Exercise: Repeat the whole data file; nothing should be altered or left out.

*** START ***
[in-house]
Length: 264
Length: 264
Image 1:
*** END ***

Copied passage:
[in-house]
Length: 264
Length: 264
Image 1: